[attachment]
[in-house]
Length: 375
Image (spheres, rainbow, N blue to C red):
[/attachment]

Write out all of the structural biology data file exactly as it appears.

[in-house]
Length: 375
Image (spheres, rainbow, N blue to C red):